Because, at that time, we were somewhat more welcoming to the stranger and because, at that time, we were less riven by economic and social inequality, Hill came, studied, and prospered. She eventually opted to become a naturalized citizen.
Professionally, Hill was and is a nonpartisan national security expert, specializing in Europe and Eurasia. She has written a book on Vladimir Putin, whom she sees as an international threat. In 2017 she was asked to join the Trump National Security Council, with Russia as part of her portfolio. She did so in part because she thought we needed a reset in our relations with Russia, but also believed any improvement in relations should not come at the expense of recognizing the challenge it posed.
Hill doesn’t write songs, but her summary of the effects of Russia’s interference in our 2016 elections illustrates that she wields a mighty pen:
The impacts of the successful Russian campaign remain evident today. Our nation is being torn apart. Truth is questioned. Our highly professional and expert career Foreign Service is being undermined. US support for Ukraine, which continues to face Russian aggression, has been politicized … I say this not as an alarmist, but as a realist … We’re running out of time to stop them. In the course of this investigation, I would ask that you please not promote politically driven falsehoods that so clearly advance Russian interest.
And what are those falsehoods? Well, a major one is that the Ukrainians were responsible for interfering in that 2016 election, not the Russians.
Hill, in her testimony, nails what was going on in Ukraine. Ambassador Sondland and the other two Amigos were “involved in a domestic political errand and we were … involved in national-security foreign policy, and those two things just diverged.” Hill told Sondland that the diverged paths would “blow up.” She concluded her testimony to the committee hearing impeachment fact witnesses with an “I told you so” statement: “And here we are.”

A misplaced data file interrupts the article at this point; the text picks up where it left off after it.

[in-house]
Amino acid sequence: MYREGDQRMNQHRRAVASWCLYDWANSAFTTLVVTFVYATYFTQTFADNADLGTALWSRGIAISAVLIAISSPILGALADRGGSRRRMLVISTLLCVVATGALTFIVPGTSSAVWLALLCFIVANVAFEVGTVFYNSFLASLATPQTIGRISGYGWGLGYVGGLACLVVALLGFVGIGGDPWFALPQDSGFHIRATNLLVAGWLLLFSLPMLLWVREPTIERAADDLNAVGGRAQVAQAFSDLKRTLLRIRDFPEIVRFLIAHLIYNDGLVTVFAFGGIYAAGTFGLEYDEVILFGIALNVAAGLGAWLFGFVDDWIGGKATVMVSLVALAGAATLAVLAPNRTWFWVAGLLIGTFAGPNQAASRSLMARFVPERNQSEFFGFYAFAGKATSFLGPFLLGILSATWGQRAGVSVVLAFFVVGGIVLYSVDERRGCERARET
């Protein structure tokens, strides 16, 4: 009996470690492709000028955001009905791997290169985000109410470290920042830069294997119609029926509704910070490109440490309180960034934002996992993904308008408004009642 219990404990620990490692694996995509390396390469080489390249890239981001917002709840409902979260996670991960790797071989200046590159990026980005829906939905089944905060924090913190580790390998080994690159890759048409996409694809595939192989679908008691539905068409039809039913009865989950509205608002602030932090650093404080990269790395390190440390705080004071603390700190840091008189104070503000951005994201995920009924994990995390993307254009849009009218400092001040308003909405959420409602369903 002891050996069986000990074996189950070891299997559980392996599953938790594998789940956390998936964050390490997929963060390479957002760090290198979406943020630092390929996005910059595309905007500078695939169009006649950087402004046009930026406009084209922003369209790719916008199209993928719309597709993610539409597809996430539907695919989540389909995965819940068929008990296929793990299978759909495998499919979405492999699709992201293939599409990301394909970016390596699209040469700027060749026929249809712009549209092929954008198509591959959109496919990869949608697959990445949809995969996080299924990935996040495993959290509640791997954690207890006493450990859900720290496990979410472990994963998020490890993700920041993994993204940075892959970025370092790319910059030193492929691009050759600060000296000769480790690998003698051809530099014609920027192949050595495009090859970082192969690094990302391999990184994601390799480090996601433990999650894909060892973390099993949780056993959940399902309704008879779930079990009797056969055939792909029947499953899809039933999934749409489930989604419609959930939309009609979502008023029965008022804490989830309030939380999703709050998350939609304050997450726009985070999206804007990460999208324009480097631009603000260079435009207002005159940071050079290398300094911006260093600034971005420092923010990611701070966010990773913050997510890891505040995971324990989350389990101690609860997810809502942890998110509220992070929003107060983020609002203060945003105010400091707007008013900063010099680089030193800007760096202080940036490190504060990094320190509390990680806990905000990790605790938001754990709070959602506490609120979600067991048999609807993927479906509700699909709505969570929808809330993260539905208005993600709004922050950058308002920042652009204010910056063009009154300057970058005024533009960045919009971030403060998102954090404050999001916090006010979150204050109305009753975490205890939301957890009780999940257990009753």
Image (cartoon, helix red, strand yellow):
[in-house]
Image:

Her demeanor, her direct responses to questions, and her unwillingness to paint a pretty picture that would appeal to her former employers testify to flintiness. There were reasons she was the final witness on the final day of this first round of public testimony.* If you haven’t heard or read her observations, you can find them on line – and you should look at them, particularly if you think our President did nothing wrong.
Texas has a bumper sticker distributed by their tourist bureau that you sometimes see even here in North Carolina: “Don’t Mess with Texas.” Jim Croce’s song “Don’t Mess with Jim” has the following refrain:
You don’t tug on superman’s cape
You don’t spit into the wind
You don’t pull the mask off that old lone ranger
And you don’t mess around with Jim.
Then an upstart outsider hoodwinked by Jim comes to town. That last chorus line, following the stranger wining an ensuing fight, is changed from Jim, the original big bad man in town, to Slim, that outsider. I suspect there’s a little Slim in both Lynn and Hill. You simply shouldn’t mess with some coal miners’ daughters.
* Yes, I will eventually be commenting here or on our local Democratic Party web page about round two in the public hearings, currently playing this week on a television set near you.